PaymentsCompliance: Data Protection In A ‘Post-Dwolla’ World: Industry Told To Up Standards


U.S. financial institutions that are well prepared for a cyber-attack could save millions of dollars if a breach occurs, legal experts have said, in an increasingly hostile regulatory environment.

Courtney Stout, an attorney at Davis Wright Tremaine law firm, told last week’s Emerging Payment Systems event in Washington, D.C. that the average cost of identifying a data breach in fewer than 100 days is $5.8m, compared with $8m for firms that act more slowly.

To control a breach in less than 30 days will cost on average of $5.2m, compared with $8.8m after 30 days, she added.

“Things that you can do to prepare your employees can save your company money,” Stout said.

“Data breaches can be prevented if you have all of the right people.”

Since online payment platform Dwolla was fined $100,000 by consumer protection authorities in March, despite there being no allegation that a data breach actually occurred, has been seen as a landmark case by cybersecurity experts.

The Consumer Finance Protection Bureau (CFPB) said Dwolla had “failed to employ reasonable and appropriate measures to protect data obtained from consumers from unauthorized access,” and so was liable for a financial penalty — the first it had ever issued on security grounds.

“We don’t know what started the Dwolla investigation,” Stout added. “It was one of the first cases that didn’t stem from a data breach.”

For New York lawyer Jessica Sklute, special counsel at Schulte Roth & Zabel, payments providers and other financial firms should ensure they are meeting requirements set out in the Gramm-Leach-Bliley Act (GLBA).

“GLBA is the primary U.S. law that governs privacy,” said Sklute.

“It’s meant to regulate financial institutions, but broadly covers many businesses.”

The act generally requires that financial institutions inform their customers annually on how they share customers’ non-public personal information.

If the institution shares this information with unaffiliated third parties in ways other than specified by statute, Sklute warned that the institution must notify customers of their right to opt out of sharing, and inform them how to do so.

The federal law consists of three sections:

  • The financial privacy rule, which regulates the collection and disclosure of private financial information.
  • The safeguards rule, which stipulates that financial institutions must implement security programs to protect such information.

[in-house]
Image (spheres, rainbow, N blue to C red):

• The pretexting provisions, which prohibit the practice of accessing private information using false pretences.

The GLBA, particularly the safeguards rule, has been used by the CFPB and the Federal Trade Commission (FTC) to investigate and fine companies that violate standards when it comes to cybersecurity and data privacy.

Sklute said the FTC has settled more than 50 data security cases over the years under the GLBA.

She said that some of the best examples were cases involving Eli Lilly, Snapchat, and Wyndham Worldwide.

“The CFPB has been very aggressive,” said attorney Barrie VanBrackle, a partner with Orrick, Herrington & Sutcliffe.

“It takes a company down and a lot of others with it.”

For Sklute, the CFPB’s case against Dwolla using the safeguard provision of the GLBA means companies need to be careful of the promises they make about protecting customers from data breaches and other cybersecurity threats.

Among Sklute’s suggestions were maintaining communications between the legal and marketing teams, accurately reflecting policies and practices of the business, and avoiding consumer promises that are not legally or technically accurate.

Stout agreed, but focused her comments on how companies can mitigate the risk from a data incident.

She reminded event attendees it is not a matter of if, but when, a company deals with a data breach.

Among the factors that can decrease a financial firm’s exposure is creating an incident response team and training its employees.

What a business cannot control, Stout said, is the size and type of incident.

“Size is going to be one of the very few elements of a breach that are out of your control,” she said.


PaymentsCompliance: U.S. Money Transmission: Stitching Together The Patchwork Of State Regulations


Three years ago, Illinois told eight start-up financial companies to stop doing business in the state, arguing the companies were engaged in money transmission and so required a license.

Today, Square, a payments company with a card-reader that plugs into a tablet or smart phone, is doing business once again in the state.

A senior assistant attorney general said the incident highlights how broad the state’s statute that regulates the payment industry is.

“Any person who sells or issues a payment instrument needs to be licensed,” Thomas James, senior assistant attorney general with the Consumer Counsel-Consumer Fraud Bureau in the Illinois Attorney General’s office, said Thursday during a panel discussion at the 13th National Forum on Emerging Payment Systems in Washington, D.C.

“We have pretty broad statute,” Thomas said. “Illinois is also pretty draconian when it comes to penalties.

“The penalty for unlicensed money transfers equals four times the value. That’s bankruptcy for most businesses.”

Thomas reiterated that the agency has gone after anyone who they think is operating without a license, including new online companies.

At the time, Square was new in the emerging payments sector, where companies did what other banks and financial institutions did but using the Internet.

Square allows anyone to take a credit card payment without the fees associated with partnering with a bank.

Thomas said the state issued cease and desist orders to Square and other financial companies in 2013, but that “like the federal government, states go through regime change and one regime may not go after this as did the old regime”.